Board Repair Guide

If you’ve come out of the water and noticed a ding on your wakeboard, there’s no need to worry. This kind of problem is easily treated with the right tools and a little bit of expertise. With an adhesive such as epoxy or resin, most dings can be patched quite nicely and in a relatively quick timeframe. Read on to learn about the wakeboard repair process, which is the same process we use at Miami Nautique use for treating all of our boards in that come in for repair in our pro shop. 

Heres a few tools to make things easier:

  • Marker (optional)
  • Masking tape
  • Credit card (or similar item with a flat surface for scraping)
  • Sandpaper
  • A precision screwdriver
  • Epoxy resin (e.g., Solarez Epoxy Ding Repair)
  • Paper towel
  • Paper plate (or similar item for holding epoxy)

Let’s get started.

Board Repair Process

  1. Buff the damaged area: The first step is to prepare your board for treatment by removing any debris or weirdness around the ding using a scraping tool. Then, with sandpaper, buff the surface around the ding to clear away any foam debris. Don’t go too crazy as we’ll be back with the sandpaper to smooth things out after the epoxy dries.
  2. Mask with tape: If the damage is on the edge of your board, put a strip of masking tape behind the ding. This will help keep the epoxy resin in place so that it doesn’t spill over to the other side of the board when you’re applying it. 
  3. Prepare the epoxy: Get your epoxy resin and squeeze a small amount onto a paper plate. Often, the epoxy you’ll find in the store comes as two tubes, a resin and a hardener. The resin is clear in color, while the hardener looks yellow. You need a split amount (50/50) of each one and they should be mixed on the plate until the liquid is uniform in color. It’s important that the amount of each substance is the same so that your adhesive bonds properly on the board. If the ratio is off, the resin will be too soft in the end. The Solarez Epoxy Ding Repair is a good product to consider using as the formulation is already prepared for you, meaning there’s no need to do any mixing. 
  4. Apply the epoxy: With an awl or precision screwdriver, dab your epoxy resin onto the ding. Try to fill in the damaged area as much as you can so that water won’t enter the board through the ding. Once you’ve done that, let the board dry in the sun and keep it in an upright position if you’re treating the edge. For bigger dings, it might take more than one coat to finish the job, so apply further rounds of epoxy until you’ve fully sealed in the ding. Also, when you are applying the epoxy, use a paper towel to wipe away the excess product so that it hardens only over the ding and not anywhere else on your board.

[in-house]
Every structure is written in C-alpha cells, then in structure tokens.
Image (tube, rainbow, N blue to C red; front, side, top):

5. Color the ding: Color in the ding with a marker that’s the same color as your board. It might not always be possible to find a marker that exactly matches your board’s color, but if you can find a suitable one, go ahead and color in the affected area. This is purely for aesthetic purposes so that the board’s color looks more uniform after the repair is complete. If aesthetic isn’t that important to you, you can skip this step and keep going.

Some Care Tips

Knowing the ways that wakeboards get dinged can help you avoid damage in the first place. Here are some things to know so that you don’t experience any accidents with your board.

  • Be mindful of your surroundings when walking with your board. If you are passing through a narrow area, hold your board upright so you don’t ding it against a wall or a pole, for example. 
  • Use a board bag to carry your wakeboard and fins when transporting your board to the boat. Keeping the fins on the board and carrying the board without a bag is a recipe not just for damaging your board, but also your car seats and other surfaces where the fins make contact. 
  • Be careful where you place your wakeboard when you’re on the boat. The ideal place to leave your board is in a storage locker or board rack. Your wakeboard should fit easily into a board rack. Don’t ever try to force your board into a board rack as some older racks aren’t designed for wakeboards, which can cause damage to your board. 
  • Finally, don’t leave your wakeboard on the ground where others might walk over it. 

If you feel you need help beyond what we went over today in these tips above please give us a ring. We would love to help you at our pro-shop and can even go over the process with you so you’re ready for the next time. Keeping gear properly maintained can make all the difference in it’s longevity. Hope to see you in-store with your wildest stories and dings to show.

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